Thu | Jan 21, 2021

Preparing for life after school

Published:Friday | August 18, 2017 | 9:24 AMAshish Jhingran

This is a proverbial case of the last mile of a journey - it seems to be the longest, most enduring and takes the best of performances to successfully cross over the finishing line.

Final year of studies at the university or college, likewise, seems to move at snail's pace - the question in everyone's mind is, "When will this be over? I want this to be done with so I can begin a new phase of life - that of work life."

The anticipation of starting a new chapter of life is intriguing, replete with excitement, and why shouldn't it be? The years of hard work, burning the midnight oil, teachers' expectations, parents' anxiety and the fierce peer competition reap their rewards when the first offer letter comes your way. "Yes, I am ready to take on the world," is the reaction.

But, are you really ready?

You have your degree, you have the knowledge and the know-how of tackling the stiffest of the challenges that your job will throw at you. However, in the real world there are other parameters that you may not be aware of or have not been taught. These form a crucial aspect of the work life, and if not handled well enough can derail you from your track. These areas - broadly referred to as soft skills - are largely to do with your behaviour patterns, your complete value system.


Let's go over some critical areas and situations that you are likely to encounter in a workspace and prepare you to be ready for the real life and real time challenges thereof.

If everything could be done in solitude, without interacting with anyone else, life would have been so simple - each to his or her own.

But, in life, that is not the case. At every step of life, one needs to interact and depend on others - bosses, colleagues, subordinates, clients, vendors, etc to get work done - and sometimes these interactions are less than amiable.

One thing to keep in mind is that everyone is different - has a different personality, temperament, thought process, and you have to learn to deal with them all, and many times simultaneously.

This requires a well-balanced, carefully and (ironically) quickly thought-out approach. There is no 'one-size-fits-all' scenario here.

Your actions and reactions have the power of making or breaking, positively or negatively impacting the environment within which you are operating, and these have a direct bearing on your own future.

It is important to be calm under all circumstances - keeping a clear, unambiguous mind, and being objective in your opinion and analysis is primary. Effective communication is crucial. Speak politely yet assertively to send positive signals to the person or persons you are interacting with. Be cognisant of your body language - before you say the words, your posture, the way you walk, even how you offer a greeting are worth a million words. A confident body language and pleasant facial expressions are some of the keys to move ahead.


Value system is an essential part of your life, what you believe in resonates in what you do and how you do it.

What is a value system?

To answer this, ask yourself, "How do you describe your inner self?"

Let's say the answer is, "A confident person with immense trust in truthfulness, believes in love and shows respect for fellow human beings."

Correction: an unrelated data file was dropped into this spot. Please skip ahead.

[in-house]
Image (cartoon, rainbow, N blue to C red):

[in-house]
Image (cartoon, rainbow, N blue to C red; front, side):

This, in essence, means that the traits you mentioned in your answer - confidence, truthfulness, love and respect - are some of the values that you uphold.

So, your personal value system embodies these traits that are important to you. In other words, your values represent those attributes which you practise and display in your day-to-day living.

Unlike your physical features, value systems are acquired throughout life, either by way of being taught by others or by simply observing others around you, getting inspired by their actions and choosing to adopt what seems to be right to your mind.

For instance, we all have been taught about the existence of God who is to be revered, and many of us begin the day by acknowledging His existence by making worship and saying prayers part of our daily practice.

In another instance, seeing people helping and assisting the poor and the needy inculcates the thought of benevolence towards the poor, and you adopt the practice of helping and assisting those in need.

In a nutshell, these values govern your thoughts, actions and reactions. At the workplace, your belief in helping others makes you a likeable colleague for all; however, should you believe in 'I, me, myself'? Well, sooner rather than later you will end up alone and out of favour with all around you.

As we go along, we shall delve into areas that will help enhance your skill sets and give value addition to your knowledge base.

It is important for all those who are getting ready to step into the world of work to know that your values and interpersonal skills complement, and at times enhance your academic and vocational knowledge.

Have a strong belief in your value system that you have acquired over the years. Work towards eliminating the actions that are likely to garner negative response from others and become hindrance to personal career growth. Go out in confidence with a positive frame of mind, a confident stride and a charming smile. Success will be your forte. All the best!

n Ashish Jhingran is a Jamaica-based management and marcom practitioner and senior consultant with Synapse Communications. He has more than 25 years of experience with some top companies, spanning

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